Directed by Maite Alberdi, The Mole Agent is an incredibly endearing if not heartbreaking film. It’s a hybrid-like documentary that tells a true story in real time but has all the elements of a quiet feature film. It requires some love and some patience. If you have both you’ll be handsomely rewarded. The Mole Agent is very effective in its messaging. One can help but be charmed by Sergio Chamy who is stylish, debonair and has a heart of gold. I can’t recommend this film enough and I’m counting down the minutes before I can watch it again.

The Mole Agent recently screened as part of the 2020 virtual Double Exposure Film Festival.

Double Exposure Investigative Film Festival: The Art of Political Murder

The brutal Guatemalan Civil War (1960-1996) resulted in the deaths of many civilians, especially those of the indigenous Mayan population. In the days after the war, Bishop Juan Gerardi became an outspoken activist for the Mayan people, seeking justice for the crimes against humanity and giving a voice to the voiceless. He was a truly remarkable individual and one of the key members of REMHI, an organization that sought to bring to light the many human rights violations enacted by the military and government. This unfortunately made him a target and on April 26th, 1998 Bishop Gerardi was brutally murdered.

Directed by Paul Taylor, The Art of Political Murder investigates Bishop Gerardi’s state ordered assassination, the mishandling of the crime scene, the theories behind what exactly happened and the arrest and trial of the three assassins. George Clooney served as one of the film’s executive producers and the documentary is based on Francisco Goldman’s book of the same name. It features interviews with journalists, experts and those who knew Bishop Gerardi both personally and professionally. There isn’t much by way of background on either the Guatemalan Civil War or how Bishop Gerardi came to be involved with his activism. Instead the focus here is on the crime itself. In essence one could call this a biography of a crime as it dissects all the details of the murder, investigation, media coverage, trial, etc. I would have preferred more background on Bishop Gerardi but this was an interesting approach.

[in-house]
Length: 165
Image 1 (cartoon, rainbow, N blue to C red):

The Art of Political Murder is well worth the watch for anyone interested in true crime in general or Guatemalan history in particular.

The Art of the Political Murder recently screened at the 2020 virtual Double Exposure Film Festival.

Double Exposure Investigative Film Festival: Baby God

Dr. Quincy Fortier was a fertility specialist based in Las Vegas in the mid 20th Century. He helped countless women battle infertility. Little did they know that the babies they had, thanks to Fortier’s “treatment”, were also biologically his. Years later, in an age of advanced DNA technology, his offspring find themselves on a harrowing journey of self-discovery.

Directed by Hannah Olson, Baby God is an engrossing and shocking documentary about deceit, manipulation and fractured identity. Dr. Fortier passed away in 2006 at the age of 93 and during his lifetime he got away with using his own sperm to fertilize his patients. It was only in his final years when his patients and their children started to catch on and he was brought to court numerous times. After his death, his actions continue to have ripple effects. The documentary investigates the culture in which Dr. Fortier was able to operate and how he was able to get away with this for so long. Unfortunately, there was no law against what he did and he was not the only doctor to have “worked” in this manner. Fortier genuinely thought he was helping these women.

In the film, we hear from his children, the offspring he raised with his wife, his two adopted daughters, and the half-siblings who discovered their origins in the most shocking of ways. We also hear from the women he treated as well as two of his Las Vegas colleagues. It’s easy to relegate Fortier’s actions to a mid-century naivete. But this documentary clearly demonstrates that Fortier was a deeply disturbed man. 

“Do you want to say your father was a monster? And what does that say about you?”

Baby God can be disjointed at times. I would have preferred a more structured approach rather than its more free-flowing slow build. There was so much to grasp in terms of information, context and meaning that we, the audience, require more guidance. It’s still a highly compelling film that will leave viewers in a state of shock and awe. A must see.

Baby God recently screened at the 2020 virtual Double Exposure Film Festival and is slated to be released on HBO.